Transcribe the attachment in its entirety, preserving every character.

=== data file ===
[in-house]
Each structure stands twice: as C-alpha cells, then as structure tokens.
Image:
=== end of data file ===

[in-house]
Each structure stands twice: as C-alpha cells, then as structure tokens.
Image: